Ted Lasso S3, E7 Recap: The Strings That Bind Us

“We all know football is life, but a beautiful life is total football.”—Coach Beard

After last week’s trip to Amsterdam, it’s clear that the players for Richmond are changed. The coaches are changed. And everyone close to the team is changed. But will it be enough to stem the tide of their losing streak against Arsenal? That’s the question facing Ted (Jason Sudeikis) as he implements his vision for Total Football.

It starts with a history lesson from Coach Beard (Brendan Hunt). Still, that does little to inspire the troops, who are worried about learning a brand-new play style in a week before facing a team like Arsenal. Nevertheless, Ted persists. Over a series of hilarious practices, he shakes the players out of their comfort zone. It often has some interesting results.

Like when Isaac (Kola Bokinni) fires a corner kick into Higgins (Jeremy Swift) office window. Or, when Roy (Brett Goldstein) decides the players need to learn teamwork by tying strings around their penis and tying themselves to a partner to be sure they don’t get too far. Yes, you read that right. It is even more hilarious than it sounds. In fact, it’s the biggest laugh I’ve had from the show all season.

But it isn’t all fun and games. As they face Arsenal, the first half is a disaster. Richmond is quickly down 3-0 and looking even more lost. At the half, Jamie (Phil Dunster) continues his complete transformation by figuring out how to make it work. Instead of being the star, Jamie becomes the lynchpin of the attack as the distributor. It leads to a second half of improved play and a goal. Richmond doesn’t win the game, but they’ve figured something out.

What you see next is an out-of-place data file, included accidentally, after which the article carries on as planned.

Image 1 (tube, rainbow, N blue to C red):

As a giddy Trent Crimm (James Lance) proclaims post game, it’s going to work! And you know what, I think Trent’s right.

But Total Football wasn’t the only thing happening this week.

Jack and Keeley

After an episode where they were largely missing, Jack (Jodi Balfour) and Keeley’s (Juno Temple) relationship is in focus this week. And it’s going strong, full of a number of dramatic shows of affection from Jack. This includes proclaiming their relationship to the office, lavishing Keeley with gifts and experiences. Is it all too much? Rebecca (Hannah Waddingham) is concerned it feels like her relationship with Rupert (Anthony Head), so she urges Keeley to be cautious. Is Rebecca right? Can Keeley and Jack make it work? That’s a question we’ll see play out over the rest of the season.

Sam’s Big Stand

Much of this week’s episode is focused on Sam (Toheeb Jimoh), whose father, Ola (Noso Anozie), is due to visit at the end of the week. Sam wants it all to be perfect, especially at the restaurant that bears his father’s name. But Sam’s friend and chef, Simi (Precious Mustapha), is focused on a British politician taking a hardline immigration stand.